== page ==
I am an English teacher and think in terms of metaphors.
Having been a preacher for three decades before this, I guess you can say I have been in a lifelong pursuit of relevant, practical, relatable metaphors that speak to the spiritual conditions of lives like mine and yours.
I had an epiphany the other day, and I discovered a new metaphor that now speaks to my life.
We sang “Do Lord” at my church recently. My first thought was to ask the question: “How did this song ever speak to me?”
The second question was nearly the same: “How do I recapture the childlike faith that welcomed this song when I was a 9-year-old boy in a Southern Baptist church?”
I came home and turned on a recorded episode of “Fixer Upper” and found myself asking similar questions.
Is my spiritual life in need of a fresh coat of paint or a full Chip-and-Joanna makeover? More to the point, how do I find the vision to bring to life a spirituality that has waned in recent months?
So, here is the “Gospel according to Chip and Joanna.”
Any revitalization needs vision. Chip is great in finding houses that have potential. He gives the houses names. Sometimes, the names are hokey, but they personalize the project.
Next is the true genius of the show. Joanna begins to share a vision of what these houses can become. It borders on brilliance. People have ridiculed the overuse of “open concept” or “this wall needs shiplap.” If you watch the show carefully, her vision never ceases to amaze.
If you are a fan of the show, ask yourself the question: Would you rather have a new spec home or an old home that has a Joanna Gaines decorating it?
A second question is much the same: Have you ever looked around your home and wondered aloud, “What would she do with my house?”
The success of the show and the adoration of celebrities like Jennifer Lopez, Alex Rodriguez, Tim Tebow, Miranda Lambert and even Laura Bush show that I am not the only one who sees the brilliance in her vision.
Joanna’s vision has soul. Her vision has life. Her vision brings renewal. She takes something that is old and in disrepair and creates something that is new and unique.
This led me to another question. Who do I know, who do I trust who has the vision, that I could ask to help me create a new vision for my spiritual life?
I need more than a fresh coat of paint. I need a complete remodel. I am a fixer-upper in need of a fixer.
Ultimately, all vision is God’s vision. I just need someone to help point the way.
Once a house is chosen, the next step is demo day. This is where Chip shines. Over time, a house plan no longer serves its original purpose. Children grow up and leave, we adopt hobbies, mothers-in-law move in.
Demo cannot be an unguided process. It must keep the new vision in mind. If the makeover is to be effective, the demolition must be radical and complete.
In one recent episode, Chip was assisted by his son. They tore out copper pipe and sold it to a scrapyard, netting $166 and change.
The son took some of that money and bought toys and gifts for the handicapped boys who would live in the new house. Chip is teaching his son about more than construction. He is teaching him about giving back.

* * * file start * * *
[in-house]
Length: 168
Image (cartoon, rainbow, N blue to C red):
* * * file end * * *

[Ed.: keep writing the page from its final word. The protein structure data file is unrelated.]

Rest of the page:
As you look at your life, what needs to be completely demolished? What walls need to be torn down? Does your foundation need to be reset?
The Apostle Paul often talks of taking away a bad habit and replacing it with a good habit. Demolition in our lives is about getting rid of the behaviors and habits that no longer serve us well.
The next step is the rebuilding of the house. It takes place slowly. There is a huge mess before things come into shape. There is a proverb that says, “Without an oxen, the stable stays clean, but with the oxen comes a great harvest.”
Rebuilding a life can be messy, but it will lead to a profitable future.
The night before the great reveal, Joanna puts the finishing touches on the house. She works alone, for the most part, so her vision can be completed.
The children usually make a “surprise” visit because I think Chip and Joanna want them to understand the whole process of revitalization.
Lastly, there is the big reveal. We finally get to see the finished process.
I teach a confirmation class. The church sees the big reveal, and they applaud the end product.
I am glad I get to watch the process as a teacher. I help the confirmands see a vision for their lives, which usually results in tearing down false ideas and then rebuilding a faith that can stand the test of time.
We help them put the finishing touches on the process, and I love the big reveal.
Rites of passage are important in a person’s life. We need to consider regularly what types of rites of passage do we celebrate for a spiritual remodel?
Maybe I can take myself on a long walk and remember what it was like when “Do Lord” really mattered to me.
Perhaps God will give me a new song on this walk because I think a spiritual remodel is not in need of a big reveal, but simple gratitude.
In school, we talk about teachers needing to be “lifelong learners.” As Christians, we need to be lifelong remodelers.
If you are in need of a fixer-upper, I know just the person to reach out to. He has been rebuilding lives like mine and yours for 2,000 years now. He is the master carpenter.
Ed Hogan is a public school teacher and ordained Baptist minister who lives in Houston, Texas. He served previously on the EthicsDaily.com / Baptist Center for Ethics board of directors.